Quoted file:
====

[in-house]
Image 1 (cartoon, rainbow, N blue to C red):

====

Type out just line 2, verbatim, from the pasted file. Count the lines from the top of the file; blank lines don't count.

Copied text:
Image 1 (cartoon, rainbow, N blue to C red):